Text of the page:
"The greatest tragedy in life is people who have sight, but no vision." - Helen Keller
One of the most often asked and most controversially answered questions is: "What should I do when I meet a blind person?" A quick google search will turn up dozens of answers, varying quite differently from each other. So, obviously, there is no agreed upon convention about what to do when meeting a blind person. We take the following approach to this question, which we think respects personal dignity and freedom of choice for everyone involved.
It's very simple, no rules
There are no rules, no special protocols, no do's and don'ts that can or should define this situation. There is only one principal: Blind people are nothing more nor less than people who happen to be blind. As such, we are entirely responsible for our own well-being, and are beholden to no one else for special care or leadership.
The best thing to do, in our humble blind opinion, is nothing. Don't assume you know what we need. We know what we need, if anything. If we do need something, we'll politely let you know.
Forget everything you've heard about "the blind", everything you think you know about blindness - even if you consider yourself to be a "professional." Blind people have plenty to say about "professionals" ... Especially, forget anything you've heard or read about "Ten Things To Do If You Meet A Blind Person." This advice will probably just cause more awkwardness. Most of it is made up by sighted people anyway, and doesn't necessarily represent a blindness perspective. There's absolutely no way to second guess the situation by imposing any pre-formed ideas. Even if you've known other blind people, don't think you somehow know what to do with every blind person. The thing that often most sets us on edge is to hear "it's okay. My (mother, sister, cousin, friend) was blind." Blind people are as different from each other as any two people on this earth. There are no similarities among us that you can count on. Even the degree of vision or hearing or touch that we use can vary greatly among us. Most blind people do have some degree of vision, and even the very few of us who are totally blind may use our touch and hearing very effectively .. or, we may not.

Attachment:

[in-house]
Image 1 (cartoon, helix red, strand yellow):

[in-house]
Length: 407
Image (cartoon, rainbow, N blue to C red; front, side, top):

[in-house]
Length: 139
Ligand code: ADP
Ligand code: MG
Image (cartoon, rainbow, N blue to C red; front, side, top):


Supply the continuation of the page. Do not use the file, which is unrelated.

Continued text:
The Blind Person Must Take the Lead
Please understand that blind people have the advantage. While the blind person may benefit from some information or guidance, the one who needs help is you; you're the vulnerable one here. We have spent a life time around sighted people. We generally know exactly "what to do when we meet a sighted person." You're the one who may be flustered, bewildered, or anxious. We have no reason to be. So, relax while the blind person takes the lead.
You Can't Go Wrong
Well, you can if you try to take over. But, if you let the blind person guide the interaction, you will gently learn what needs to happen. Don't worry about saying the wrong thing, or doing the wrong thing. Just be as comes naturally, and the blind person will guide accordingly.
Thanks for considering this message.